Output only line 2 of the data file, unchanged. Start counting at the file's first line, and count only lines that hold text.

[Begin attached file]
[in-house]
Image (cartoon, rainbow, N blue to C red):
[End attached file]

Image (cartoon, rainbow, N blue to C red):